A Puppy For Christmas?
Why it’s more fun to involve the kids in the search, then pick up the puppy after the holiday. Sensible and safer too.
WHAT ABOUT THAT CHRISTMAS PUPPY?
E. Katie Gammill, AKC Judge, TheDogPlace.org Exhibition Editor
Buying a puppy at Christmas time to give as a gift is NOT a good idea. However, there are ways you can give the gift of a new puppy and make it a fun, family affair without the puppy getting lost in the shuffle at Christmas time.
Puppy might swallow an ornament hanger, tinsel, bows, or paper. He may piddle on wrapping paper or hide under it and get stepped on. Rich food and treats upset the stomach. The puppy may become lost in the activities. Puppies require sleep and should have a special place to go.
If you want a registered puppy, go into www.akc.org. Go to the search engine, put in your breed of choice. This takes one to breed clubs. They will explain your breed, longevity, health concerns, temperament, and required care. It explains the history of your chosen breed. Reputable breeders will be listed and most do health checks and certifications. This is expensive and your puppy may cost more, however this is to be a “family member” for life, so take this into consideration.
Reputable breeders will allow you to come on the premises to see the sire and dam. They encourage visits and take a deposit to hold said puppy until after Christmas, allowing you to enjoy the Holiday with less stress.
If you want a mixed breed, check your local newspaper. Visit the breeder to see the puppies and their parents. Ask the proper questions. Was this litter raised in the house and is it socialized? Is this litter wormed? Has this litter been checked by a veterinarian and do they have the required puppy shots? Will you allow me to choose my puppy, take a deposit, and let me pick it up the day after Christmas? A truly concerned breeder prefers you do this.
Puppies need interaction with their litter and the mother teaches them discipline... This is especially important for working or guard dogs, and larger breeds. Buying a puppy before eight weeks of age will lead to bonding and behavioral problems later on in life. Reputable breeders will NOT sell a puppy before eight weeks of age as they understand this. They may encourage you to pick up the chosen puppy the day after Christmas and make it a family affair.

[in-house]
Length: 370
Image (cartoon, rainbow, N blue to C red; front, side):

Breeders of cross bred pets will NOT offer health certifications. Do not feel a cross bred puppy is healthier, as the genetic make-up will be haphazard which allows undesirable characteristics to come down from both parents. Many feel cross bred dogs are healthier. They are NOT! No one documents those that die, nor do they care WHY the puppy died. It simply isn’t true.
The American Kennel Club and AKC breeders spend millions a year to determine breed problems. Once determined, they address the issues and cull those animals carrying genetic defects. Records are kept of these individuals and they are hopefully eliminated from the gene pool. Those sired by healthy parents will have health certifications in their background, however, this testing is costly, and therefore your puppy will cost more. This does not guarantee problems won’t arise, but it certainly cuts down on the opportunity for your chosen breed to have them. Remember every dog, purebred or mutt, carries genetic defects (and virtues) that can easily surface when breeds are crossed. This is why the AKC monitors new breeds and has an approval process to accept them. It gives breeders time to eliminate genetics problems and to “set” type.
Toy and small breeds must be paper trained or have a place to potty in the winter. They cannot handle inclement weather. By the same token, short nosed breeds cannot handle hot weather. Therefore, do not put your small puppy outside alone, winter or summer. Stay with your puppy. If your yard isn't fenced, use a lead! If you shut that door, your attention goes elsewhere and your puppy is at the mercy of the elements.
Many small breeds are difficult to house break. Do not scold eight week old puppies for accidents, they cannot control them. Take them out hourly. By four months, the puppy will start to figure this out for itself. Until then, get out the spray and a brush or offer papers or a private place. Responsible breeders raise puppies in a very clean environment and this will assist with housebreaking greatly.
If you buy from an AKC breeder, many send a “puppy pack” with a piece of the bedding, toys, leads, food, chew bones, and instructions. You can call the breeder any time with questions. Most will encourage you to take your puppy to the vet for a check up and to set a schedule for further vaccinations.
Christmas day, instead of bringing a small puppy into the home during the confusion, buy some bowls, leads, toys, and treats and pack them in the box with a picture of the puppy for your child. After Christmas, take your family back to the breeder and let the AKC breeder assist picking the proper puppy for the personality of the child. Welcoming a new puppy should be a family affair. A veterinarian emergency on Christmas day is NOT desirable.
There is excitement and anticipation of having a puppy after the holidays. Company is gone, the papers are picked up, and you are ready to welcome your new furry member of the family. Starting a puppy out right will give you years of enjoyment be it a cross breed or a registered dog.
If you prefer, visit your local shelter and adopt a dog of choice. Loving homes are at a premium due to the economy and other unavoidable situations. Shelters welcome donations as well as towels, blankets, food, or crates. Whether you adopt a shelter dog, buy an AKC registered dog, or a cross bred puppy, they all require the same attention and affection. May your family and your chosen pet have a very Merry Christmas!
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